Differentiated transcriptional signatures in the maize landraces of Chiapas, Mexico
Periodo de realización: 1900/01/01 al 2017/01/01
Tipo: Artículo científico
Lugar(es) de estudio: Frontera Comalapa, Chis., México, La Trinitaria, Chis., México, San Cristóbal de las Casas, Chis., México
Resumen: "Background: Landrace farmers are the keepers of crops locally adapted to the environments where they are cultivated.
Patterns of diversity across the genome can provide signals of past evolution in the face of abiotic and biotic change.
Understanding this rich genetic resource is imperative especially since diversity can provide agricultural security as
climate continues to shift.
Results: Here we employ RNA sequencing (RNA-seq) to understand the role that conditions that vary across a landscape
may have played in shaping genetic diversity in the maize landraces of Chiapas, Mexico. We collected landraces from
three distinct elevational zones and planted them in a midland common garden. Early season leaf tissue was collected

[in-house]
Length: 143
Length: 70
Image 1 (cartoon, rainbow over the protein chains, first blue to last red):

for RNA-seq and we performed weighted gene co-expression network analysis (WGCNA). We then used association
analysis between landrace co-expression module expression values and environmental parameters of landrace origin to
elucidate genes and gene networks potentially shaped by environmental factors along our study gradient. Elevation of
landrace origin affected the transcriptome profiles. Two co-expression modules were highly correlated with temperature
parameters of landrace origin and queries into their ‘hub’ genes suggested that temperature may have led to
differentiation among landraces in hormone biosynthesis/signaling and abiotic and biotic stress responses. We
identified several ‘hub’ transcription factors and kinases as candidates for the regulation of these responses.
Conclusions: These findings indicate that natural selection may influence the transcriptomes of crop landraces along
an elevational gradient in a major diversity center, and provide a foundation for exploring the genetic basis of local
adaptation. While we cannot rule out the role of neutral evolutionary forces in the patterns we have identified,
combining whole transcriptome sequencing technologies, established bioinformatics techniques, and common
garden experimentation can powerfully elucidate structure of adaptive diversity across a varied landscape.
Ultimately, gaining such understanding can facilitate the conservation and strategic utilization of crop genetic
diversity in a time of climate change."